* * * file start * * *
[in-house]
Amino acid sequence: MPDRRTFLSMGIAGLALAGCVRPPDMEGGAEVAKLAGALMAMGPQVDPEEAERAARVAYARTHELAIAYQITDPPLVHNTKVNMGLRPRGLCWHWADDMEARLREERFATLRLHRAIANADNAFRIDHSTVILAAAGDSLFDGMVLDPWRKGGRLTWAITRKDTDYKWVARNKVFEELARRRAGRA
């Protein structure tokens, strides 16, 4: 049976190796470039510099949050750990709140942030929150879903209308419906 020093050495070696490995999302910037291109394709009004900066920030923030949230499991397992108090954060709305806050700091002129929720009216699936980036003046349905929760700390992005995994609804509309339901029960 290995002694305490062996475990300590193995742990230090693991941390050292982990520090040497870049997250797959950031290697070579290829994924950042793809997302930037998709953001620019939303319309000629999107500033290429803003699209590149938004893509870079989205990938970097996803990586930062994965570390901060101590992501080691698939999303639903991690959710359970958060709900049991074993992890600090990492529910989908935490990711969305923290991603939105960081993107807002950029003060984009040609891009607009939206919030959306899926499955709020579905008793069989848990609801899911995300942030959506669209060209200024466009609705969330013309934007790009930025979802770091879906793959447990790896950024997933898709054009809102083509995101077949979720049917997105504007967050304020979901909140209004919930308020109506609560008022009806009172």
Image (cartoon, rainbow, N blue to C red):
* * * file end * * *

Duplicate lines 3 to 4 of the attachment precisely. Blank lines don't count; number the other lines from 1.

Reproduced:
């Protein structure tokens, strides 16, 4: 049976190796470039510099949050750990709140942030929150879903209308419906 020093050495070696490995999302910037291109394709009004900066920030923030949230499991397992108090954060709305806050700091002129929720009216699936980036003046349905929760700390992005995994609804509309339901029960 290995002694305490062996475990300590193995742990230090693991941390050292982990520090040497870049997250797959950031290697070579290829994924950042793809997302930037998709953001620019939303319309000629999107500033290429803003699209590149938004893509870079989205990938970097996803990586930062994965570390901060101590992501080691698939999303639903991690959710359970958060709900049991074993992890600090990492529910989908935490990711969305923290991603939105960081993107807002950029003060984009040609891009607009939206919030959306899926499955709020579905008793069989848990609801899911995300942030959506669209060209200024466009609705969330013309934007790009930025979802770091879906793959447990790896950024997933898709054009809102083509995101077949979720049917997105504007967050304020979901909140209004919930308020109506609560008022009806009172």
Image (cartoon, rainbow, N blue to C red):